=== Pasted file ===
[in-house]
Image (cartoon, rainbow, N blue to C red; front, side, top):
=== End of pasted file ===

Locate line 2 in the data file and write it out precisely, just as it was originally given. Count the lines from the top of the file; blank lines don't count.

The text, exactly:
Image (cartoon, rainbow, N blue to C red; front, side, top):